Property News, Insights & Education

    House prices doubled 7 times in 60 years amid various rate hikes

    A whitepaper published by PEXA and LongView revealed that over the past 60 years, house prices doubled seven times, even through multiple periods of rising interest rates.


    The whitepaper, titled What Drives Australian House Prices Over The Long Term? showed that from 1960 to 2021, house prices followed a constant upward trajectory, even as interest rates rose simultaneously. 


    It shone a light on the historical and current state of Australia’s housing market, highlighting that there are multiple factors at play on home values and interest rates are only a small part of a bigger picture.


    In the 28 year period from 1960 to 1988, home values doubled a whopping four times and amazingly, these periods of immense growth were experienced at the same time as rising interest rates, with rate increases of 2-3 percent.


    Afterwards, from 1988 to 2021 when interest rates started to fall, home values continued to increase, doubling another three times with an annual growth rate of 7 percent.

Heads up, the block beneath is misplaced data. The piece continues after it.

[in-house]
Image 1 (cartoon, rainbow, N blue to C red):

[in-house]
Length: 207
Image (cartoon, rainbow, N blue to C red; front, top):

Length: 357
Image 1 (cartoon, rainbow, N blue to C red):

The graph showed home values appreciating regardless of what interest rates were doing.


    It suggests that if there is a correlation between interest rates and housing prices, it’s a weak one.


    House prices have risen considerably since the 1960’s, while wages have grown at a much slower rate. Rents have also risen considerably, and we Australians now find ourselves facing a housing crisis. But interest rates aren’t responsible. 


    Interest rates aren’t the problem


    The paper provides an insight into the short-lived effects of interest rates on the house market, iterating the resilience of Australian residential property. 


    Notably, any decline in home values triggered by rising interest rates has been temporary, never lasting longer than a year at most.


    With any effect of interest rates proving to be subtle over the long term, the paper attempts to unveil the real issues driving Australia’s housing crisis.